Human beings are messy creatures. We have fluids oozing out of orifices, and our skins form thin layers between the eyes of the world and a mess of guts and bones. There are times when hair is all out of place, and we are covered in mud or dust or grime. Cooking involves effort, and it isn’t always prettified with a gingham apron and colourful pans. Having a baby isn’t romantic either; there is copious amounts of blood and ooze, and shit too on occasion. Vomit is a part of life too, and it sure as hell isn’t Instagram-worthy. As we age, our bodies start shutting shop. Teeth and hair fall out, and bellies flop out and skin dangles loosely in folds. Suppose illness strikes? Cancer isn’t pretty. Neither is malaria or typhoid.

Forget the messiness of the body for a moment, and realise that life too is messy. I live in a broken down apartment, with doors that have bits missing, and walls that are in parts crumbling and others losing paint. We try and keep the house as clean and liveable as possible, but circumstances have made it necessary for us to continue here. One of my exes would have baulked at the thought of sleeping on mattress in the living room, and complained incessantly of there being only one sink. [There are logistics involved with this; we are not unsanitary.]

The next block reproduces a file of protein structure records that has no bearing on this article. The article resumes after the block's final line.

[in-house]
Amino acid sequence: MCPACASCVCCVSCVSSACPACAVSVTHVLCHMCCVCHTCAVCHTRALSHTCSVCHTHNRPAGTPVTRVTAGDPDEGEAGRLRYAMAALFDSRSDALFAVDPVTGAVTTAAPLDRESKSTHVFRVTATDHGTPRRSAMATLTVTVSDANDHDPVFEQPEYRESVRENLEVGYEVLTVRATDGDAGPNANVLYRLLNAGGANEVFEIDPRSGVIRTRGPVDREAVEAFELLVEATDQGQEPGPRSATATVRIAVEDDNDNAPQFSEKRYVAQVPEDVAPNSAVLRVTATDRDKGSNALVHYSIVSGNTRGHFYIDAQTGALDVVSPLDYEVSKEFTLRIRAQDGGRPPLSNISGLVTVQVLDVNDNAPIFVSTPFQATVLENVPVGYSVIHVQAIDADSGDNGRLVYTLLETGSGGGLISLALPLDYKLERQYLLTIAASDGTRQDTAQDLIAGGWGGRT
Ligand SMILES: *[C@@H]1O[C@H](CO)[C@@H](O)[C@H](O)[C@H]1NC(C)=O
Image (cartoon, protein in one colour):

I feel like that a person who judges me for what I look like, my circumstances, and how I manage to be happy in less than perfect surroundings is missing the point. The point is that these things are immaterial. A connection between two people, their hearts and minds, is beyond all this. It is to be able to see the goodness, the kindness, and joy within, and revel in a love that both create.

Uday was an immature kid at the time, and I don’t think, looking back, that he intended to sneer at me. However, because of my hypersensitivity to his reaction, I learned that I only want to be with someone who understands what lies beneath.

Compassionate Jokes

I have something of an unruly tongue at the best of times, but I learned today that I can control it on occasion.

Previously, when I went out with my family, I often uttered a famous TV dialogue which flummoxed my parents, as evidenced by this sorrowful Facebook post I put up years ago:

There is this celebrated TV show in India called CID. One of the characters, a policeman called “Daya”, is repeatedly asked by his superior officer to break down a door. Since my mom’s name is Daya, it amused me no end to tell my tiny mother to kick down doors. I got a lot of mileage [for myself] out of that quip, before I explained it to my parents.

So the other day, Mom and I had trotted off to the salon to get her a haircut, and we were accosted by a beggar lady on leaving the salon premises. Now, I am not an insensitive soul, but I have learned not to yield to their pleas for money. Food is fine, but money is problematic. [Definitely something I should figure out in another post.]

Now, there are many standard whines that beggars use to importune people into giving them money. This one said: “Please show some compassion.” That is a rough translation from: “Daya karo.

I didn’t say anything, although I was sorely tempted. Adult. *ahem*

Trigger Responsibility

Ha. Another rant. A potentially incoherent one, without a definitive outcome or conclusion.